I am an artist, untrained by institution and initiated by the still small voice inside that kept straining to anoint my go-to habit of making things to process my wondering questions of life. It is only in retrospect that I have been able to appreciate that creative process and play for more than being a welcome break to the demands of the responsibilities we assume or endure. For years, and years (and years), I was in steady, high-functioning career mode of marriage, parenting, and creative community/religious leadership.
The creative process -- art -- became named as spiritual practice for me when life's circumstances put me in an unfamiliar and extended lower-functioning period. Fertile void as the expanse of doubt, pain and uncertainty following a shock to the system. Loss; failure; in whatever form.
When I’m there, all I seem to be able to do is go down to the discomfort of the basement. I idly and enter into a space of putting my hand on my what I’ve collected when also idle: rocks and fossils, branches, rusted metal, sea-worn metal, wire pieces, shards of glass and pottery, lost earrings, shells, exploded firecracker wrappers, and so much more.
Going down to the basement becomes the only thing I can do when I don’t know what to do and don’t have the capacity to recognize into which direction to go. This feeling of not having a choice is what first allowed me to be present to a process of co-creation.
I wrap, saw, cut, glue, smash, build, frame and repeat until. Sometimes something appears that I want to keep. This happens when the relics arrange themselves into a wholeness. That wholeness – the arranged collection of piece it becomes is the art made by sacred process of submission, lament, prayer, and learning to breathe through discomfort.
Over years I have learned why the life of an artist can be lonely and dark. That feeling of loneliness and darkness is what pushed me to claim a process that could serve me in that space. Fortunately for me, and us, we are in a community of meaning makers so have a language for this processing.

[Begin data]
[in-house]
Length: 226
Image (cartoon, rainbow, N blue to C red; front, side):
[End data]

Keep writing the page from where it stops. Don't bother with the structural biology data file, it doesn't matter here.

I journal also. Here is a passage from two years ago during a time I was immersed in a community response ministry at the El Paso border:
I walk the river, the road, the sidewalk. I wander the woods, the beach, the border. My pockets get filled with pieces of someone else's time. All the while, my time has been spent in idle movement, tracing lines of others' paths. This is the wandering work of the artist. I bring nothing and what I take away I am saving from infinite unknown. When I'm cleaning the pieces and saving them, arranging them with the others, the story of each time unit passes through my hands to what's in them. They talk, pieces of stories. Most often they just whisper of a snapshot. You can't even say how long it lasted. But you know how you felt, you know who you were with. You remember what you were talking about. The song that was playing stings your heart, in a good way, even if it was bad. The smell of creosote in the air means the ground was wet, but just for a flash. The pieces of wire themselves, I have brought home. Just like they cinch up the water of a rio grande, they hold the other pieces together. I tell the story into these pieces that went into my pockets and then see what poem is told when they are laid. I still have a single earring. It is so exquisite but it hasn't gone into an altar yet. It hasn't been called up. I figure it will be when somewhere far away, someone steps just next to the other one, pressed into mud. With their fingernail they will gently lift it out. They will think they found something that tells a story about a moment.
Some healing has happened for losses in my life. I’m busy, which is a good sign. Now I have to work harder to make sure I schedule time to go down to the basement. It’s dark and somewhat damp. It is there that I know I am praying.
Off to pray,